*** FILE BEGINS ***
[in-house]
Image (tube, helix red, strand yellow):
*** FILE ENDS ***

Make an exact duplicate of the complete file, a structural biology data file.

[in-house]
Image (tube, helix red, strand yellow):